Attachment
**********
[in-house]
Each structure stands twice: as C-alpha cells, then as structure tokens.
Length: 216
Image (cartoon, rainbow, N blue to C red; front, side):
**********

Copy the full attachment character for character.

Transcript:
[in-house]
Each structure stands twice: as C-alpha cells, then as structure tokens.
Length: 216
Image (cartoon, rainbow, N blue to C red; front, side):